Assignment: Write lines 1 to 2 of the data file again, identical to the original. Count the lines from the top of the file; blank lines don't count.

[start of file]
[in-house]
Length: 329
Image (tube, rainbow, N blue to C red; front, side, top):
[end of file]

[in-house]
Length: 329